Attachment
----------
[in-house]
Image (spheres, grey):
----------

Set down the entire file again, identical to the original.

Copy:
[in-house]
Image (spheres, grey):